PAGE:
Absorption of Fats
Generally, the fats are not soluble in the water, and due to this reason, their digestion is much difficult. They are hydrophobic in nature so they clump together and make the large droplets, as it moves through the digestive system. By some time, these fats reach the small intestine with no digestion. So, in the small intestine, the dietary fats look like the large globule of the fat. Until the production of bile in the liver, these fats remain undigested. The bile causes the emulsification of the fats, as it contains the salt that acts as the emulsifier for the lipids. By the emulsification, the large particles of fats are broken to the smaller droplets.
There is only one fat cholesterol that is absorbed by the human intestine. It is also found in animal fats. In combination with the bile salts and the cholesterol esters, it is absorbed in the lymph. The vitamin D that is the sterol derivative is also absorbed. For the absorption of the fats, the key processes of breaking them into smaller particles should occur. Larger aggregates which are insoluble in the aqueous environment should be physically broken down and held in the suspension by the process of emulsification.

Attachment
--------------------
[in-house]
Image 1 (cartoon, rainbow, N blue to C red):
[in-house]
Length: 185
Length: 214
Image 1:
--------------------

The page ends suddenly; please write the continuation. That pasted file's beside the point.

Assimilation of Fats
The fat deposits of the body serve as reserves for the storage of the fats, such as the mesenteries and the subcutaneous layers, etc. For other cells, the stored fat is the readily available source of the fuel. The stored fat has important insulation properties and helps to maintain body temperature. Additionally, it also helps in the conservation of heat. It also has a protective role for the packaging and filling of materials and helps the body organs to be apart from each other by producing a layer between them. Phospholipids are produced in the liver and when they are returned to the blood, they can be used by all of the cells.
Conversion of Stored Fats for Yielding Energy
The fats are converted to the carbohydrates and amino acids in the liver cells. The stored fat is a good compound as its release can give twice the energy than the energy released by the carbohydrates in their respiration. Assimilated fats also serve as insulators for the skin. Fat is also used by the nerve cells to form the myelin sheath for preventing the leakage of the electrical impulses.